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Monday, July 25, 2011

Chess Annecdotes 10

Pin It Rudolf Spielmann ( 1883 - 1942 )

Rudolf Soeilmann was a short, mild-mannered, and friendly man. Like Adolf Anderssen, Spielmann's personality had little to do with his chess style,

which was recklessly aggressive. Unlike Anderssen, however, Spielmann did not play chess in the Romantic
era, and defensive technique had become more important. Positional concepts, rather than exclusively combinational ideas, were the stock-in-trade of the masters of Spielmann's day. Crazed, attacking players were looked upon as relics from an earlier, more primitive time.

A lover of gambit openings, Spielmann played many swashbuckling games but never felt that he had reached his full potential. Finally, in the late 1920, Spielmann undertook a thorough study of positional concepts and endgames. The resulting change of style propelled him into the ranks of the world's top ten players. Reuben Fine once wrote that Spielmann's main concern in life, apart from chess, was to accumulate enough money to buy limitless quantities of beer!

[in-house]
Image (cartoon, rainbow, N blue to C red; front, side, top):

Always proud of his attacking prowess, Spielmann once lamented, "I can see combinations as well as Alekhine, but I cannot get to the positions where they are possible!" This innocent litle statement is actually quite revealing and illustrates the changes the game was undergoing at the time. Of course, you could still sacrifice pieces and atac, but to successful against the strongest players, you had to master all phases of the game. The time of the one-punch knock-out artist was quickly coming to an end. However, we can still enjoy replaying some haymaker chess games. Let's look at a beautiful example from the young Spielmann. His beloved beer must have tasted good after this one.

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